Every union organizing campaign promises increased wages. Regardless what employee currently make or that they sought out union representation to improve safety conditions at their workplace, every union organizer promises increased wages to offset union initiation fees and monthly dues. It’s. Just. That. Simple.
What do unions do when data shows that they are not getting wage increases for their members? Out of the 490 union contracts that the Bureau of National Affairs tracks, 2017 has thus far yielded a lower first year monetary increase (wages and lump sum payments) than in 2016. Another bad trend for unions is the increasing use of lump sum payments instead of wage increases. For example, ContiTech and the Steelworkers recently ratified a contract where the employees received a $1,500 signing bonus but no raise beyond a cost of living adjustment for the next 5 years.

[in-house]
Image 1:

Will the unionized ContiTech workers be in a better financial place in 5 years with a one-time $1,500 signing bonus or a 3% per year wage increase? The $1,500 equates to $300 per contract year, or $0.15 per hour (assuming 2,000 work hours). Conversely, if ContiTech employees earn $20 per hour, a 3% wage increase for the next 5 years would result in a lot more than $0.15 per hour.
Matt Austin owns Austin Legal, LLC, a boutique law firm based in Ohio that limits its representation to employers dealing with labor, employment, and OSHA matters. You can reach Matt by calling him at (614) 843-3041 or emailing him at Matt@MattAustinLaborLaw.com.